CIPIH Framework Paper
The Commission's terms of reference ask for the following:
“…to collect data and proposals from the different actors involved and produce an analysis of intellectual property rights, innovation, and public health, including the question of appropriate funding and incentive mechanisms for the creation of new medicines and other products against diseases that disproportionately affect developing countries…”
- The Central Issue
As elaborated at the level of tasks they are to:
- Summarize the existing evidence on the prevalence of diseases of public health importance with an emphasis on those that particularly affect poor people and their social and economic impact;
- Review the volume and distribution of existing research, development and innovation efforts directed at these diseases;
- Consider the importance and effectiveness of intellectual property regimes and other incentive and funding mechanisms in stimulating research and the creation of new medicines and other products against these diseases;
- Analyse proposals for improvements to the current incentive and funding regimes, including intellectual property rights, designed to stimulate the creation of new medicines and other products, and facilitate access to them;
- Produce concrete proposals for action by national and international stakeholders.
- An organizing principle for the work of the Commission is that it should review the systems of incentives that determine the allocation of resources to R&D globally with the objective of determining whether these incentives are relevant to the treatment, cure or prevention of diseases that disproportionately affect developing countries, in particular poor people. It should consider whether these incentives could be used better to increase the amount of such R&D, and/or its effectiveness (e.g. in terms of speed and cost of translation into products). Apart from intellectual property rights, there are other factors which may affect incentives for research and development of new products. These include market-based incentives and those arising from national and international policies to promote scientific research and technology transfer. For instance:
- Market incentives, notably the potential revenue flow from a new medicine or technology as modified by risk and uncertainty
- Signals sent by the product approval system e.g. the cost of meeting regulatory requirements, particularly the extent of clinical trials
- National price setting arrangements (e.g. price controls or negotiated prices)
- Specific incentives designed to meet particular goals (e.g. data protection, tax credits, orphan drug laws)
- Incentives provided by the size and manner of distribution of public funding, including funding by international institutions (e.g. World Bank) to support developing world health care systems
- Incentives for governments to invest in R&D.
- The task of the Commission will be to consider which of these are relevant to diseases that disproportionately affect the developing world and whether improvements might be both necessary and feasible in order to promote the creation of new medicines and other products for those diseases, bearing in mind in particular the need to make such medicines affordable. New instruments and mechanisms may also need to be considered. In undertaking this task, the Commission will need to consider the public good aspects of medical knowledge, and the extent to which insufficient purchasing power, the absence of competition or deficiencies in national and international public policies, results in outcomes that are suboptimal in relation to the public health needs of developing countries.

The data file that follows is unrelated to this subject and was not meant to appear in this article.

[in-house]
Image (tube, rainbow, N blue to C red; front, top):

- Prevalence of Diseases
An important issue is to identify the major causes of morbidity and mortality in developing countries, and their human, social and economic costs. The Commission will need to define criteria to assess the extent to which the distribution of current R&D efforts reflects appropriately the distribution of social and economic costs caused by disease. Account needs to be taken of the rising burden of non-communicable disease in developing countries (e.g. diabetes) and of the possible contribution of both medicines and non-medicines research in reducing risk factors which are major underlying causes of both communicable and non-communicable disease. There is also a judgement to be made, for particular diseases, as to the relative weight to be given to preventative measures and treatment which raises a number of complex and difficult issues, with implications for R&D.
- In relation to the Commission's terms of reference, there is the further question of whether currently available medicines for particular diseases are in fact adequate for their intended purpose. If so, devoting more resources to health care services and treatment, including appropriate R&D to increase their impact in developing country settings, might be the appropriate response. In other cases, where current medicines are not adequate, it is necessary to identify priorities for R&D for the discovery and development of new medicines, vaccines and other products.
- Research and Development
A concern in both the developed and developing world is the apparently escalating cost of drug discovery and development. This is particularly a concern in developing countries since it could exacerbate the gap between the cost of treatments, including their development costs, and what governments and people in developing countries are able to pay for treatments. An important part of the Commission's work will be to consider the reasons for this escalation, whether there are ways of reducing the cost and whether the allocation and utilization of R&D resources, could be enhanced through an improved incentive structure or new instruments and mechanisms. For instance, are there possibilities to increase the contribution of relatively low cost scientific resources in the more technologically advanced developing countries and use them more effectively in the course of research and clinical trials? Is the correct balance being struck between pharmaceutical research on the one hand, and other forms of health research on the other?